Native American Cultural House
The Native American Cultural House is located in the historic Culver House (975 NE B Street) on the Pullman campus. The Culver House was first purchased by Professor Harold Culver in 1927. WSU purchased the building in 2006.
In 2007, Native American Cultural House opened as the third Culture and Heritage House. The facility features Native American books, art, cultural items, and a comfortable atmosphere for events and gatherings. The facility also includes a full kitchen, meeting tables, and overnight accommodations for university guests. Like the other Culture and Heritage Houses, Native American Cultural House is open to all.
Past events at the Native American Cultural House
- Staff retreat, WSU Tribal Liaison
- Guest stay, Na-ha-shnee Native Health Institute
- Talking Circle, Native American Women’s Association
- Study tables, Native American Student Center
- Drum Practice, Wazzu Singers
- Ribbon Cutting event, Pullman Historic District
Asian Pacific American Cultural House
In 2011, the Asian Pacific American Cultural House was established as the fourth Culture and Heritage House. It is located at 905 NE C Street in the historic Friel House. First purchased by WSU 2005, the facility was initially operated by the WSU School of Music. Music students lived in the house and used its Steinway mini-grant piano for informal recitals.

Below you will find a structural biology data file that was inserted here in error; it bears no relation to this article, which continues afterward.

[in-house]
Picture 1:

Now, as the Asian Pacific American Cultural House, the facility features Asian/Pacific American books, art, cultural items, and a comfortable atmosphere for events and gatherings. The facility includes a full kitchen, meeting tables, and overnight accommodations for university guests. Like the other Culture and Heritage Houses, the Asian Pacific American Cultural House is open to all.
Past events at the Asian Pacific American Cultural House
- Student Mentors Thanksgiving Feast, Asian American Pacific Islander Student Center
- Holiday social, International Programs
- Pumpkin Carving, First Scholars Program
- Staff retreat, Student Involvement
History of Facilities
935 NE B Street, The Johnson House
The Talmadge Anderson Heritage House is now located in the historic “Johnson House.” Claudius O. and Mary W. Johnson owned and lived in the house from 1933 to 1956. The structure, built circa 1933, is in the Tudor Revival style design. Claudius O. Johnson began his career at Washington State College (WSC) in 1928 as the first full-time professor and chair of the newly formed department of History and Political Science. Johnson Tower, which currently houses the Political Science Department at Washington State University, is named in his honor. He retired from the WSC faculty in 1960. Louis L. and Edith L. Madsen purchased the house from the Johnsons in 1955 and lived there until 1973. Louis Madsen was the Dean of the college of Agriculture at WSU from 1955 to 1973, when he retired as Dean Emeritus. WSU purchased the house as a part of the College Hill revitalization project in 2006. The “Johnson House” is registered on the Washington State Historical Registry.
955 NE B Street